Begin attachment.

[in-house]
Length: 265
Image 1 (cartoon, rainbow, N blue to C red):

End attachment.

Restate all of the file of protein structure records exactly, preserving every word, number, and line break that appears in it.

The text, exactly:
[in-house]
Length: 265
Image 1 (cartoon, rainbow, N blue to C red):